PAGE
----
President Barack Obama on Monday urged Chinese President Hu Jintao to join the United States in denouncing North Korea's latest deadly military skirmish with South Korea and the North's pursuit of nuclear development. it marked the first time the leaders have spoken since a November 22 incident left four South Korean soldiers dead.
He urged China to work with us and others to send a clear message to North Korea that its provocations are unacceptable, the White House said after the two leaders discussed North Korean tensions in a phone call.
Hu said the development of the situation further proved the importance and urgency of restarting the six-party talks, state media agency Xinhua reported. Hu noted China has also proposed emergency consultations among the heads of the delegations of the talks, which include China, North Korea, Japan, South Korea, Russia and the United States.
The call comes amid a flurry of military and diplomatic activity regarding the North. On Monday, Secretary of State Hillary Clinton is meeting with South Korean Foreign Minister Kim Sung-hwan and Japanese counterpart Seiji Maehara. In addition, the U.S. and Japan are continuing to stage large-scale joint military drills over the Sea of Japan this week. Similarly big joint exercises with South Korea in the Yellow Sea concluded last week.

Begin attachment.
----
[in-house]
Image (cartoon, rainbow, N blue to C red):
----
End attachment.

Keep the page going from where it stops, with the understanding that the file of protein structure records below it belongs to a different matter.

Hu told Obama he is greatly concerned about the current tension on the Peninsula, according to the report. He warned that if the tension is not properly handled, it could lead to further escalation of tension, or even run out of control, which is not in the common interest of all parties concerned.
Hu said dialogues and negotiations are the only right way to resolve the issues.
During the call, Obama also condemned the North's pursuit of a uranium enrichment program in defiance of its obligations, the White House said. The presidents discussed our common interest in peace and stability in Northeast Asia and the priority of ensuring the denuclearization of the Korean Peninsula, while moving forward on those goals.
On Sunday, North Korea's state news agency warned the U.S. and South Korea to stop acting rashly, and ponder the consequences to be entailed by their reckless military provocation.
Tensions between the North and South have been high since a November 22 shelling by North Korea of a South Korean island near the countries' maritime border which killed four South Koreans, including two civilians.
In a previous incident in May, an international investigation determined that North Korea fired a torpedo which sank the South Korean Korea Navy ship Cheonan in which 46 sailors were killed.